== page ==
It’s weird. The Dodgers today own the best record in baseball. They also have the second-best team ERA and average nearly five runs per game. They have a seven-game lead in the average National League West two days before August, which I suppose could be an edge comparable to beginning a 100-yard dash 15 feet from the finish line.
The weird part: They are in trouble.
It is obviously a team built best to win from April to September, a team that could play .500 ball in the next two months and still reach 93 wins. That would mean the Rockies or Giants having to play 15 games above .500 during that span while hoping the Dodgers suddenly become average just to catch them.
I’d bet all the Coors in Denver and all the crab in San Francisco that won’t happen. Would be some great eats, though.
But the Dodgers have come to that line in a season when contenders must weigh the consequence of overreacting for an opportunity to win it all now. When you must decide if a chance at the Hope Diamond is worth parting with one or two of your precious stones whose value could continue rising over time.
It shouldn’t shock anyone if they get carried away by Friday’s trade deadline and offer too fat a package for pitching help. Their last World Series title came in 1988. I know. I was there. It was forever ago. Kirk Gibson might need a wheelchair to get around the bases now.
It’s also true the Phillies got a whole lot better Wednesday and instantly became the NL’s best team in acquiring left-hander Cliff Lee, which means the Dodgers must confront the thought of facing Lee and Cole Hamels (who has owned Los Angeles like iPod does the music player market) in consecutive games of a playoff series.
It’s enough to burn the mustache right off Ned Colletti’s lip.
Desperation, though, is never a flattering trait. It doesn’t wear well. The Dodgers could try it on for size this week. They might try going a little loopy and mix a gold shirt with purple trousers. It would be a mistake.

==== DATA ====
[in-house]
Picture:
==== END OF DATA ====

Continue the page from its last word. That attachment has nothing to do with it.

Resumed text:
Not because the idea that you should always do everything to win now and worry about the future later is mistaken. Hardly. If tomorrow isn’t promised, you can bet championship rings aren’t.
But you also can’t ignore history, and baseball’s is pretty clear: Those who trade for an ace to win a World Series more often than not aren’t the ones spraying champagne over each other while planning a parade.
Consider these numbers from an ESPN report: Three pitchers traded at the mid-season point have won a World Series game the past 32 years. Since 1996, only two pitchers dealt at the trading deadline have won any post-season games. None of the five was Cy Young Award winners. None was close to the caliber of Roy Halladay.
CC Sabathia was last year when he was traded to the Brewers. Then the playoffs arrived, and he offered an ERA in the neighborhood of 8.
The Blue Jays today are not shooting for the moon in what they are demanding for Halladay. They are flinging the arrow all the way to Neptune. They want the keys to the bank, the combination to the vault, personalized bags in which to stash the cash and a waiting limousine curbside with a police escort to the airport.
This probably would mean the Dodgers having to include Chad Billingsley or Clayton Kershaw in a deal with Toronto.
This would mean giving up too much if you’re L.A.
Billingsley is struggling. His ERA has jumped from 2.73 on June 9 to 3.96. He has been credited with one win in his last eight starts and has thrown the third most pitches in the majors this season. He’s obviously tuckered out.
He also turned 25 on Wednesday.
Kershaw is 21. And left-handed, and the owner of one of the game’s best breaking balls. And is 5-0 in his last eight starts, allowing three earned runs in 38 innings this month.
The idea for L.A. is to somehow match a rotation the Phillies now own. You don’t do that by giving up young, talented, established starters. You don’t trade front-line pitching for great pitching.
James Loney? Trade the first baseman if you must.
Russell Martin? I’d pack the bags of that three-homer catcher and rally killer extraordinaire myself.
Andre Ethier? They could survive without him.
But not Billingsley or Kershaw. They can’t be involved in any package.
The Dodgers should do everything in their power to add pitching depth the next few days as Philadelphia did for Lee (translation: not sell your soul to get it), realize acquiring an ace such as Halladay has hardly proved a guarantee for winning the World Series and remember this point:
Always do what you can to win now. But don’t get loopy in the process.
Las Vegas Review-Journal sports columnist Ed Graney can be reached at email@example.com or 702-383-4618. He also can be heard weeknights from 11 p.m. to 1 a.m. on “The Sports Scribes” on KDWN (720 AM).